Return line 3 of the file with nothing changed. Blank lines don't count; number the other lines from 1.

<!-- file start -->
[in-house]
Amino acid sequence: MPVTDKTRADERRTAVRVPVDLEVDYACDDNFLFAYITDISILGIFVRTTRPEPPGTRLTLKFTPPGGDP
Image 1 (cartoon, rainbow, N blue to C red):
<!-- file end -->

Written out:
Image 1 (cartoon, rainbow, N blue to C red):